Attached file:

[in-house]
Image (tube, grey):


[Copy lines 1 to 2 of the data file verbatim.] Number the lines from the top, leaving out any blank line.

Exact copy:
[in-house]
Image (tube, grey):